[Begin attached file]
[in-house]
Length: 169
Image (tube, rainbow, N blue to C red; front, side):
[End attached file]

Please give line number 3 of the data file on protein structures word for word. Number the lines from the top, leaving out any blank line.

Image (tube, rainbow, N blue to C red; front, side):